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Hoffmann, R. A wiki for the life sciences where authorship matters. Nature Genetics (2008)

Bactericidal properties of peracetic acid and hydrogen peroxide, alone and in combination, and chlorine and formaldehyde against bacterial water strains.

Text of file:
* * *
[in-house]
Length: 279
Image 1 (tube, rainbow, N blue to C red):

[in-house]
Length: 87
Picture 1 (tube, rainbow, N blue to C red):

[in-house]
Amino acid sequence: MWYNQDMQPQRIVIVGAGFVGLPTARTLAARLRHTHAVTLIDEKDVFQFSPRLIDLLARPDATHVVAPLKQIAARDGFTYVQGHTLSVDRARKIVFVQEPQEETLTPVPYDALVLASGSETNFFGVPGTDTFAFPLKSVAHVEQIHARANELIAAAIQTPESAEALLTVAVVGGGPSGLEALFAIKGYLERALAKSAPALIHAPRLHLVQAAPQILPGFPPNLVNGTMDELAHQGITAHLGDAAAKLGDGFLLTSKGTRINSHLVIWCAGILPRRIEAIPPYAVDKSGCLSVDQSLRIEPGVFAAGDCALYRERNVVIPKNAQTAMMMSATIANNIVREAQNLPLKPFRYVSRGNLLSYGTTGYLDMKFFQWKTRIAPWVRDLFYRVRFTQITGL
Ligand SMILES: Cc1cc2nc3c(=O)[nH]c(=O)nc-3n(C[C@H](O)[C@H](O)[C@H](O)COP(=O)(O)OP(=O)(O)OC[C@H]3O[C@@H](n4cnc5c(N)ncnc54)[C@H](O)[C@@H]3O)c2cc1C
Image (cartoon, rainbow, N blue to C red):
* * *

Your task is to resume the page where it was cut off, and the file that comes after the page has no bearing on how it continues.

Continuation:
The bactericidal properties of peracetic acid, hydrogen peroxide, chlorine, and formaldehyde were compared in vitro using a rapid micromethod. A combination of peracetic acid and hydrogen peroxide was also tested to assess interactions. The activities of these agents, which are widely used as disinfectants, were evaluated against water isolates and culture collection strains. Peracetic acid and chlorine exhibited an excellent antimicrobial activity, with a relatively rapid destruction of 10(5) bacteria/mL. The time-dependent bactericidal activities of hydrogen peroxide and formaldehyde were the lowest. The combination of peracetic acid and hydrogen peroxide, tested by a checkerboard micromethod, was found to be synergistic. The minimal bactericidal concentration was established in terms of time for a given mixture of peracetic acid and hydrogen peroxide. Determination of bactericidal concentrations showed that synergy was maintained with increasing contact time. Concentrations for minimal times of treatment by chemicals that provided interesting activities in vitro were tested for disinfection of ultrafiltration membranes. The bactericidal activities of peroxygen compounds were confirmed and synergism was maintained in working conditions. Chlorine showed a loss of efficacy when used on membranes.[1]


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